San Jose Mercury News, August 2005

Will Fiorina Tell All in New Book?

San Jose Mercury News, Aug. 24, 2005

by Therese Poletti

Carly Fiorina, who rose to the top tier of corporate America before she was ousted as chief executive of Hewlett-Packard, has signed a deal to write a book for Penguin Group to be published in autumn 2006.

Penguin said the book will combine a memoir of Fiorina’s career so far with her views on a variety of issues, including what makes a leader, how women can thrive in business and how technology will continue to reshape the world.

Fiorina, 50, was one of the few female CEOs in the male-dominated computer industry when she was ousted from HP in February.

Adrian Zackheim, the founder and publisher of Penguin’s Portfolio imprint, will edit the book, which has no title yet. Zackheim also edited “Perfect Enough,” by George Anders, published in 2003, on the battle over HP’s merger with Compaq Computer and Fiorina’s reinvention of the company. He also edited “The HP Way,” by HP co-founder David Packard, which was published in 1995 by HarperCollins. “Perfect Enough” was on the New York Times Bestseller List for two weeks in 2003.

Zackheim said he approached Fiorina to write a book shortly after she left HP.

“Carly Fiorina has had one of the most fascinating and controversial careers in American business,” he said in a statement. He declined to discuss what kind of advance Fiorina is getting, what kind of publishing run the book will have or any other details of Fiorina’s contract.

There was so much interest by other publishers in a book by Fiorina that she and her representative, attorney Robert Barnett, decided to have an auction, which Penguin ultimately won as the highest bidder. Barnett, a litigation attorney with Williams & Connolly in Washington, D.C., has also represented Bill and Hillary Clinton, Bob Woodward and Jack Welsh, in their book deals.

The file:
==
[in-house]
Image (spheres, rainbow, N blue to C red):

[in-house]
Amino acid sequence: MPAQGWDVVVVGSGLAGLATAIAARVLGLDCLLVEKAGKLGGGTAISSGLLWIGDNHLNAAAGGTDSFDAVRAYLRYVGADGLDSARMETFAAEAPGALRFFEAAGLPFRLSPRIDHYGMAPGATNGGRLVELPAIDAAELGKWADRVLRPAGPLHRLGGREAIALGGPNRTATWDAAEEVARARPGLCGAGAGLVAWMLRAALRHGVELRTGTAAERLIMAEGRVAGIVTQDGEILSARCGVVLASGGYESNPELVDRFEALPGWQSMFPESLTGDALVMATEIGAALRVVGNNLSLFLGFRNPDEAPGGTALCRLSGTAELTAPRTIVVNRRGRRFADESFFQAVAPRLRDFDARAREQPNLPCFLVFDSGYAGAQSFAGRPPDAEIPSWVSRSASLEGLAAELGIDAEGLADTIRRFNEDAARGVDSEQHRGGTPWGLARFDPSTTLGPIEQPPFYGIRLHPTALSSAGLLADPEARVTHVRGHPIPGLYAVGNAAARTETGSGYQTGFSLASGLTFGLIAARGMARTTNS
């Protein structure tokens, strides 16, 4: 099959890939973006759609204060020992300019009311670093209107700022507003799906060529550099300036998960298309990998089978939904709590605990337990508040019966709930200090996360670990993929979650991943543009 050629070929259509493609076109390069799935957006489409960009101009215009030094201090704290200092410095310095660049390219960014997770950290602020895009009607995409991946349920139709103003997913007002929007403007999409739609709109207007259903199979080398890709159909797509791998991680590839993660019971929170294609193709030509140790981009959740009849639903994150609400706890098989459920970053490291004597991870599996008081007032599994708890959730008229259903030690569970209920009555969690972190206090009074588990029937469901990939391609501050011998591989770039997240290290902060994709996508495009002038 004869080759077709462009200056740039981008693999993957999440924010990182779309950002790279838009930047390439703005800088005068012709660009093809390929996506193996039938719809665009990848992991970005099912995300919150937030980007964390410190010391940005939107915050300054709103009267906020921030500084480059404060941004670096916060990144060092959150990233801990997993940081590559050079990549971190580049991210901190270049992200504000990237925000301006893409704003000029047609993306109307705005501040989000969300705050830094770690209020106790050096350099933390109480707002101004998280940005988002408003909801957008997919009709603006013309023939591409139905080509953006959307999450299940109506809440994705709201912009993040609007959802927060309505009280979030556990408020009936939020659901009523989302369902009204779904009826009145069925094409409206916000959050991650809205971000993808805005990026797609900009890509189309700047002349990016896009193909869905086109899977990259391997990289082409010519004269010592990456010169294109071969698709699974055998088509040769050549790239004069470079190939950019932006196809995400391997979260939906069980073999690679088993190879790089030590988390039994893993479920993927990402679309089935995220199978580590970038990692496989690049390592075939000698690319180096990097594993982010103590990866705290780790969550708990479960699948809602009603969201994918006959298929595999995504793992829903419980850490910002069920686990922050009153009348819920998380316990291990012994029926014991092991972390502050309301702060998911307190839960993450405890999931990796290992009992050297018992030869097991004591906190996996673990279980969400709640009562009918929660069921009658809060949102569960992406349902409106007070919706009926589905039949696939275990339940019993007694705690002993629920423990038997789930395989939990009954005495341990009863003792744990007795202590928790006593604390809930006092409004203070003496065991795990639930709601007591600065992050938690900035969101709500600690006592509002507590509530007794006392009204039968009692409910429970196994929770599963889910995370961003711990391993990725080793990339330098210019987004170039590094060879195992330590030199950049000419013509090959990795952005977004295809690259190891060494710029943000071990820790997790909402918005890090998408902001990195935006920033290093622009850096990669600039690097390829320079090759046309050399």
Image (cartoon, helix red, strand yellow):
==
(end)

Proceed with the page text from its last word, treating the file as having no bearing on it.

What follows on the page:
“There was enormous interest from publishers in this book,” Barnett said. “We met with numerous publishers and ultimately conducted a traditional literary auction.” He said about eight to 10 publishers bid for the book.

Ted Weinstein, president of Ted Weinstein Literary Management in San Francisco, speculated that Fiorina got a mid- to high six-figure advance for her book, possibly more.

“I’m not privy to any numbers,” Weinstein said. “My guess is that this book went for a large amount of money for a number of reasons. If she is forthright and self-aware, it will be of enormous interest to everyone in the technology business and to anybody thinking about the role of women in business.”

When asked if Fiorina will disclose any behind-the-scenes boardroom machinations that lead to her ouster, Zackheim declined to comment.

“I’d like to keep everybody’s curiosity whetted and I think I will not be alone in my excitement when it’s published,” Zackheim said. He said her proposal was “very eloquent,'” but would not reveal any further details of the outline that Fiorina submitted.

“It will be a complete and candid book,” said Barnett, Fiorina’s attorney.

A spokesman for HP said the company had no comment on Fiorina’s future book.

Fiorina was out of the country, and not available for comment, according to her spokeswoman, Kathy Fitzgerald. In May, Fiorina was the commencement speaker at North Carolina Agricultural and Technical State University, when she revealed for the first time publicly some stories about her difficulties being a woman in the technology business. Weinstein, the literary agent, said stories like these and other self-revelations will help the book go beyond pure spin.

“We have all seen the executive biographies that are just press releases,” Weinstein said. “Given how managed Fiorina’s communications were during her time in the executive suite, there is probably a natural amount of skepticism.”

He added that Zackheim is one of the best editors in the business. “I’m hoping his experience will help coax Carly into writing a book that is of value.”
Contact Therese Poletti at tpoletti@mercurynews.com or at (415) 477-2510.

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